Tuesday, May 13, 2008

Science, Morality, Abu Ghraib and Game theory - an interview

Seed magazine has just posted the text of a conversation between filmmaker Errol Morris and evolutionary psychologist Marc Hauser about game theory, Stanley Milgram, Abu Ghraib, A Clockwork Orange, communication with dogs, and whether science can make us better people.

It is quite relevant to general topic of this blog. I have always been intrigued by the odd combination of claimed due diligence and integrity with complete non transparency. For example, if Procter and Gamble have any residual faith in their "analysis" of Actonel data (welcome admissions of guilt apart) then why refuse to let everyone see it. They should be proud of their ultimate show of integrity. Likewise, if GlaxoSmithKline are proud of "science" on Seroxat/Paxil, and if the UK regulator the MHRA think that they conducted a plausible investigation of scientific fraud involving this drug, then why cover it up? Why not let everyone know what your definition of fraud is, and let everyone see the process and who made the decisions. What's there to hide?

A snippet:

EM: This is a question that I still wonder about. They said it's okay to kill Jews: Jews represent a threat to our way of life, to our gene pool, to our values, and so on. They've justified their behavior completely. But, if you think it's okay, then why try to cover it up? Why try to conceal the fact that you're doing it? That becomes the really complex question. You quickly enter this hall of mirrors. You can say, well, they thought it was the right thing to do, but they knew others might not view their behavior that way and that they should therefore cover their tracks. But isn't that tantamount to saying that they knew it was wrong? It's a real question.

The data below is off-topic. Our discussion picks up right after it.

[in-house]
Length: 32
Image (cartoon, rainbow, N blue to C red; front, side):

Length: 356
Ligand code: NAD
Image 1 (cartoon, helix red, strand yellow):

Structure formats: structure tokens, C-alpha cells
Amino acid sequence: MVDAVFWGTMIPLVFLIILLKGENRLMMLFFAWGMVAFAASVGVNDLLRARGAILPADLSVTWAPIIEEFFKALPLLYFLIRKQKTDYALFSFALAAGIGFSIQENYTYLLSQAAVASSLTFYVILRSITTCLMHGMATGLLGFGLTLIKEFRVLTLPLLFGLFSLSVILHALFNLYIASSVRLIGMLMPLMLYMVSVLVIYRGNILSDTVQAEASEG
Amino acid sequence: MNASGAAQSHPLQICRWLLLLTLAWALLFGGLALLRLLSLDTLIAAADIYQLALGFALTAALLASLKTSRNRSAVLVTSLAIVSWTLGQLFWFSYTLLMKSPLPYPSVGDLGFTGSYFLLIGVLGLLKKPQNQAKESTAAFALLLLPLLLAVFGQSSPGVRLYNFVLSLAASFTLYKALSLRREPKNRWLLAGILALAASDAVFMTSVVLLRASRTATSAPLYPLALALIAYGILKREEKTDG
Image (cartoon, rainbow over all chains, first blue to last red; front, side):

MH: It is a real question. But ultimately, I think it comes back to having a sense of your place in the world. You have a sense of what others will respond to in terms of your actions and, ultimately, that feeds back into your behavior. So I think you're right, both the covering up and the ability to go forward are two parts of the story.


EM: I wouldn't say that I'm exactly surprised by it but it made me think that morality is the combination of two things: "I'm sorry," and "I'm sorry I got caught." There are two things always operating. There's you, and then there's what the world thinks of you.

MH: Yeah.

EM: If I do X, do I feel comfortable doing it? Do I feel comfortable doing X even though I know people will look at me with extreme disapproval?

MH: I mean that's the categorical imperative, right? If you want to work through the world of rights and wrongs, imagine would you feel comfortable doing it yourself. And now imagine a world in which everybody would do what you just did and would you feel comfortable there? You universalize it.

Worth reading here

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Radagast said...

"And now imagine a world in which everybody would do what you just did and would you feel comfortable there?"

And that, I imagine is precisely what the cover-up merchants are fighting against - it probably absorbs most of their time and energy, by now. It's always best to conduct oneself out in the open, and that way, anybody who disagrees with one's actions has every opportunity to object (unless they're not impacted, that is, in which case, they can fuck off).


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